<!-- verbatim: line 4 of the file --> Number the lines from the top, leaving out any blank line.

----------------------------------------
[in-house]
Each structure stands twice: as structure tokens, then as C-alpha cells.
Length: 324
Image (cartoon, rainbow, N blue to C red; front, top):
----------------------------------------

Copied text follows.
Image (cartoon, rainbow, N blue to C red; front, top):